Bilinear Spatiotemporal Basis Models

Ijaz Akhter 1,2                  Tomas Simon 3                 Sohaib Khan 1

Iain Matthews 2,3             Yaser Sheikh 3


3 The Robotics Institute

Carnegie Mellon University

2 Disney Research



School of Science & Engineering


A variety of dynamic objects, such as faces, bodies, and cloth, are represented in computer graphics as a collection of moving spatial landmarks. Spatiotemporal data is inherent in a number of graphics applications including animation, simulation, and object and camera tracking. The principal modes of variation in the spatial geometry of objects are typically modeled using dimensionality reduction techniques, while concurrently, trajectory representations like splines and autoregressive models are widely used to exploit the temporal regularity of deformation. In this article, we present the bilinear spatiotemporal basis as a model that simultaneously exploits spatial and temporal regularity while maintaining the ability to generalize well to new sequences. This factorization allows the use of analytical, predefined functions to represent temporal variation (e.g., B-Splines or the Discrete Cosine Transform) resulting in efficient model representation and estimation. The model can be interpreted as representing the data as a linear combination of spatiotemporal sequences consisting of shape modes oscillating over time at key frequencies. We apply the bilinear model to natural spatiotemporal phenomena, including face, body, and cloth motion data, and compare it in terms of compaction, generalization ability, predictive precision, and efficiency to existing models. We demonstrate the application of the model to a number of graphics tasks including labeling, gap-filling, de-noising, and motion touch-up.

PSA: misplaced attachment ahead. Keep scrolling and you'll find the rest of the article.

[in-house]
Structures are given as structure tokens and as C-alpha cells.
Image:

Bilinear Spatiotemporal Basis Models

Ijaz Akhter, Tomas Simon, Sohaib Khan, Iain Matthews, and Yaser Sheikh

ACM Transactions on Graphics, April 2012

[ Paper (PDF, 3 MB) ] [ Video (MOV, 94MB, with audio) ] [ BibTeX ]

At a glance

The bilinear basis model decomposes a spatiotemporal volume of data into spatial and temporal modes of variation (left). The outer product of these modes constitutes a basis of spatiotemporal modes of variation (center). This model results in higher compaction—meaning fewer coefficients—for the same error (right).


We are grateful to the following people for resources, discussions, and suggestions: Goran Milic, Rafael Tena, Moshe Mahler, Hyun Soo Park, Elizabeth Carter, Simon Lucey, and Jessica Hodgins.

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Example Code

This example MATLAB code is provided as a companion to the paper and illustrates the main algorithms related to the bilinear model. The code was written for clarity rather than for speed or stability. [ (ZIP, 8 MB) ]